Sarmistha Maiti: I like social realism and human stories. But that should not be limited to certain kinds of stereotypes. My way of perceiving and looking at cinema is very open with an inclusive nature where several genres intertwine. My films are about people, their dreams, despair and courage to bring about a difference and I hope to continue with it.
Divya: A place where you would love to make a film?
Rajdeep Paul & Sarmistha Maiti: Both of us believe that location is absolutely content specific. If the narrative demands that the film should be shot on the top of the hills or under the sea, then it should be. Both of us love to create texture of space through our narratives and in this process, we have shot our films in very tough terrains. If opportunity comes, we would love to shoot a film on the moon… hahaha!
Divya: What languages do you like to/have made films?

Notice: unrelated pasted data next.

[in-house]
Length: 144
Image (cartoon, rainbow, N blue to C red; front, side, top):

Rajdeep Paul & Sarmistha Maiti: Actually, we have made films in different languages – Bengali, Hindi, English, Oriya, etc. Of course, Bengali being our mother tongue and we being practising filmmaking keeping our base in Bengal, it has been the most commonly used language in our films. Here also we would like to mention that we strongly feel, language too is very content specific and is dependent on the kind of social reality we want to explore and create. In Bengali too, we’ve made films in different dialects of the language that are very region specific to create the authenticity of the space and people we see.
Divya: Your role models in the Indian film industry?
Rajdeep Paul: There are many. I have been a great follower of the films of Guru Dutt, Satyajit Ray, Ritwik Ghatak, Tapan Sinha, Shyam Benegal, Nagesh Kukunoor, Hrishikesh Mukherjee, Steven Spielberg, Ang Lee, Sam Mendes to name a few. In fact, Nagesh Kukunoor was my inspiration behind leaving my engineering career and to follow my dream of story-telling as a filmmaker.
Sarmistha Maiti: I am very fond of the films of Guru Dutt, Satyajit Ray, Ritwik Ghatak, Tapan Sinha, Shyam Benegal, Gulzar, Meera Nair, Hrishikesh Mukherjee to name a few.